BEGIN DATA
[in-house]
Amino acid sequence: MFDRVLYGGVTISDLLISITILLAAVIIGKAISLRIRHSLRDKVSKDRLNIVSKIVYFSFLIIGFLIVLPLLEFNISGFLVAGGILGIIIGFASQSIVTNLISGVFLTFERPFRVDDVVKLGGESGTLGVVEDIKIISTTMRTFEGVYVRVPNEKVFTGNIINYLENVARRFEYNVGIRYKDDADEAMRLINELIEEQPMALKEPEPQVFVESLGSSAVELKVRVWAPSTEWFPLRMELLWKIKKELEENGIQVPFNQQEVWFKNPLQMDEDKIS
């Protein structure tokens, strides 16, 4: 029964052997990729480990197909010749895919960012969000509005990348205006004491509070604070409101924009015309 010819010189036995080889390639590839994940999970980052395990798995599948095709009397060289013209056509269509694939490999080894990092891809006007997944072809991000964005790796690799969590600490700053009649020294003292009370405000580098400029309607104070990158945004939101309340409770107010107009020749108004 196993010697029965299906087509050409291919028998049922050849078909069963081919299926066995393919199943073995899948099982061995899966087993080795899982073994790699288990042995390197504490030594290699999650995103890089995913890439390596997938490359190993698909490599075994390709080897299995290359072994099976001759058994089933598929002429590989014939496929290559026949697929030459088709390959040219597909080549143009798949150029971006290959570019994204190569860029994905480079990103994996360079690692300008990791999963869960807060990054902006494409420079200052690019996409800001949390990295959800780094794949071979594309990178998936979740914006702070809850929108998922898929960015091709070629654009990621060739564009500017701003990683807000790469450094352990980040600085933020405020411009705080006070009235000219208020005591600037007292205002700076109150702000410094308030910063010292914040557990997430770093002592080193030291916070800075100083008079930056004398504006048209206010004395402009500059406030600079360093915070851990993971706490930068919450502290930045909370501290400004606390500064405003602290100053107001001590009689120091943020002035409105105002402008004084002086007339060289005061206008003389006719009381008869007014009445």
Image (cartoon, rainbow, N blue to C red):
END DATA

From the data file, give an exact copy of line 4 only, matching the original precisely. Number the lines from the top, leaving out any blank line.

Image (cartoon, rainbow, N blue to C red):